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Nutrition Essentials for Mental Health


Written by Leslie Korn

Reviewed by Nancy Eichhorn

Did you know that thiamine (vitamin B1) deficiency can lead to weakness, irritability and depression? That folate (vitamin B9) deficiency can result in depression, apathy, fatigue, poor sleep, and poor concentration? That people with chronic digestion problems are often anxious and depressed? And believe it or not, that pure maple syrup has the potential to prevent Alzheimer’s and other brain disease?

Nutritional neuroscience is validating the reality that nutritional factors are intertwined with human cognition, behavior and emotions (Sathyanarayana, Asha, Ramesh, & Rao, 2008). In our current milieu of treating the ‘whole’ person— soma, psyche, and spirit—food has finally claimed its well deserved acclaim for its role in the development, management and prevention of our overall health and for specific mental health problems such as depression, schizophrenia, ADHD, and Alzheimer’s disease (Sathyanarayana et al., 2008).

The news isn’t exactly new—in the 1950s Canadian physician/medical researcher Abram Hoffer treated people with schizophrenia using niacin (vitamin B3), while Linus Pauling coined the term ‘orthomolecular’ –the right molecules in the right amounts—in 1968 to describe his method of treatment (he promoted megadoses of Vitamin C). And though some question orthomolecular medicine (maintaining health through nutritional supplementation), the science is clear that both our nutritional choices and our individual biochemistry impact our health.

Despite the fact that food impacts mood, academic programs for psychotherapists, psychologists, psychiatrists, psychoanalysts, and so forth, do not include courses in nutrition and mental health. Leslie Korn, PhD, MPH aims to change that one reader at a time, with her insightful and useful publication, Nutrition Essentials for Mental Health: A Complete Guide to the Food-Mood Connection (forward by James Lake, MD).

Written for mental health clinicians, Nutrition Essentials for Mental Health offers foundational information about nutrition and nutrients and the body, along with principles and practices to integrate nutritional therapy with mental health treatment.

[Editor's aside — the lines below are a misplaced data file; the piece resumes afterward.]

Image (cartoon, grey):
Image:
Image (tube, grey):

To say this book is a complete guide is an understatement. Within 424 pages (including complete references, appendices and online links for more materials), Dr. Korn manages to offer every imaginable support one needs from peer-reviewed data validating her assertions to sample dialogues, case vignettes, goal setting procedures and essential outcomes. She’s created recipes such as coconut milk mocha—her “favorite morning or afternoon guilt-free ‘pick-me-up’”, a chia and nut butter smoothie, a raspberry lime Rickey and an entire appendix (R) for cruciferous vegetable recipes to augment her recommendations and quite simply to offer a new and nutritional way to eat.

There are nine chapters. Chapter 1 begins with the foundational understanding that addresses the question: Why does nutrition matter in mental health? Dr. Korn writes about our “gut brain” in Chapter 2, and ways to listen to our clients discuss their diet and their health as well as assessment techniques in Chapter 3. Chapter 4 covers common diagnoses and typical nutritional culprits followed by Chapter 5: Food Allergies, Sensitives, and Special Diets. There’s information on the best vitamins, minerals, amino acids, glandulars and special nutrients for mental health, side effects and withdrawal from medication, viewing the kitchen as your pharmacy, and finally Chapter 9 brings it all together, making recommendations for success.

Dr. Korn offers specific nutritional protocols for numerous diagnoses/situations, including but not limited to: alcoholism, hypoglycemia, eating disorders, kicking caffeine addiction, and strategies for withdrawal from psychotropic medications. The Appendices are a treasure trove in themselves with comprehensive resources, guidelines, recipes, a sample client intake form, food-mood diary, and lists of foods containing gluten, lactose, casein, dairy, corn and oh so much more.

There’s no doubt in my mind that this is the go-to textbook for clinicians wanting to bring awareness to food and its impact on their clients’ mental health.

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